‘Never Again’ in North Korea? Think Again
Perhaps it would be better if we simply vowed to never again say "never again" when it comes to the sort of slaughter and institutionalized cruelty we associate with the Holocaust. Then again, taking the sting out of hypocrisy wouldn't do much for the people of North Korea.
For decades now, we've known that what's going on in North Korea is too terrible to contemplate. Even so, what once haunted us as an ill-defined and foreboding suspicion has clarified into the secure knowledge of broad and systemic evil.
A new report by the Korean Bar Association offers a horrifying portrait of the Hermit Kingdom's mountaintop dungeons, which, notes the Washington Post's Blaine Harden, have lasted 12 times as long as the Nazi concentration camps and twice as long as the Soviet gulag. The North Korean abattoir even survived the largely man-made famine of the 1990s, in which hundreds of thousands of people are believed to have starved to death. In the camps, guards are instructed that it is better to err on the side of rape and murder than on the side of mercy or kindness.
Because North Korea's founding dictator, Kim Il Sung, declared, "Enemies of class, whoever they are, their seed must be eliminated through three generations," even the grandchildren of "traitors" can be sentenced to a life of hard labor and slow death from exhaustion and malnutrition.
Samantha Power, an Obama administration National Security Council official, wrote a moving book about America's inability or unwillingness to stop genocidal slaughter. In "A Problem From Hell," Power surveyed the cumulative horrors of the 1990s -- in Bosnia and Rwanda -- and was forced to ask, "Did 'never again' simply mean 'never again will Germans kill Jews in Europe between 1939 and 1945'?"
If the answer to Power's sardonic question is yes, then America and the West should be proud of their record. If we mean that when faced in our own time with the reality of such organized evil we will heed the "never again" lesson, than we have a lot to be ashamed of.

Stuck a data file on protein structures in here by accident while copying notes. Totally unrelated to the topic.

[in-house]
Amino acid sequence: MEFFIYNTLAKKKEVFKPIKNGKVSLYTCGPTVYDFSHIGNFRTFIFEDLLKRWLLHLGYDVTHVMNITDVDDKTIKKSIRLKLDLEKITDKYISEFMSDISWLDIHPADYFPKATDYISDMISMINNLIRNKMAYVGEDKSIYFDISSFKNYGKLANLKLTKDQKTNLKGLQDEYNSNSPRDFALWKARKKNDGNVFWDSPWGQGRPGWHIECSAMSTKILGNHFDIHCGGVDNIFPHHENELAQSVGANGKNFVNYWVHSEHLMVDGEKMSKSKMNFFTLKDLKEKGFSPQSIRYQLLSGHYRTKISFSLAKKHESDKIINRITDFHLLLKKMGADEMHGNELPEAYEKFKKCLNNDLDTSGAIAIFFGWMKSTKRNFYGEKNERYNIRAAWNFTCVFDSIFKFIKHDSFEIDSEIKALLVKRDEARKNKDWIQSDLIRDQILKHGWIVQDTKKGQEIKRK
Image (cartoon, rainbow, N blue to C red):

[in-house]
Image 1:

In his recent visit to Buchenwald, the Nazi death camp, President Obama insisted that we must "bear witness" to the evil of the Holocaust. Such platitudes are the stuff of every president and potentate who visit such places. And that's fine. It's what we are supposed to say. But we are also supposed to mean it. After all, it's easy to say we must bear witness to things that have already happened and promise to "never forget" the sins of others and our own good deeds.
But what of things figuratively happening under our noses and literally transpiring a click away on our computer screens? You can see the slave camps in North Korea -- not quite live via satellite, but close enough -- where the machinery of suffering chugs along 24 hours a day, seven days a week.
Ask yourself: What if Buchenwald were a mouse click away?
Our collective, bipartisan failure to deal with the human suffering in North Korea is chalked up to the fact that Kim Jong Il's nuclear program is a far more pressing concern than is the brutalization and murder of North Korean citizens.
That is hardly a trivial argument. But it's looking less compelling every day. Republican and Democratic presidents alike have failed to disarm North Korea because it does not wish to be disarmed; it is a true extortion regime. Its existence is owed entirely to the fact that it has mastered geopolitical blackmail. In exchange for promises to do things it will never do, we give it aid along with as many second chances as it can carry.
Meanwhile, North Korean nuclear brinkmanship and ballistic saber rattling guarantee that outside governments will not exert an ounce of effort on the ongoing humanitarian crisis. "Talking to them about the camps is something that has not been possible," David Straub, a senior State Department official under presidents George W. Bush and Clinton, told the Post. "They go nuts when you talk about it." And so, we pretend it's not happening.
Secretary of State Hillary Clinton compared North Korea to "small children and unruly teenagers ... demanding attention." She says we shouldn't give them the attention -- "they don't deserve it, they are acting out."
Seen through the window of nuclear diplomacy, Clinton's neo-Bushian stance is entirely defensible. Seen through a moral prism, it's at worst a horror and at best a profound failure to bear witness.
There are no easy or risk-free solutions. But maybe a good place to start would be for the U.S. government to act as if "never again" meant something -- when it matters.
(You can write to Jonah Goldberg in care of this newspaper or by e-mail at JonahsColumn@aol.com.)
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